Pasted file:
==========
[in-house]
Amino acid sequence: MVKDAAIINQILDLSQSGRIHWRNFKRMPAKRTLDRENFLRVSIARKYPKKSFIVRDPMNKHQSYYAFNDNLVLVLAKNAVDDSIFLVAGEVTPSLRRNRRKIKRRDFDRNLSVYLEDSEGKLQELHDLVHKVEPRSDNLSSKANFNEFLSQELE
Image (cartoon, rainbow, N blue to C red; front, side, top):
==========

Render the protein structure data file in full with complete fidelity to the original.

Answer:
[in-house]
Amino acid sequence: MVKDAAIINQILDLSQSGRIHWRNFKRMPAKRTLDRENFLRVSIARKYPKKSFIVRDPMNKHQSYYAFNDNLVLVLAKNAVDDSIFLVAGEVTPSLRRNRRKIKRRDFDRNLSVYLEDSEGKLQELHDLVHKVEPRSDNLSSKANFNEFLSQELE
Image (cartoon, rainbow, N blue to C red; front, side, top):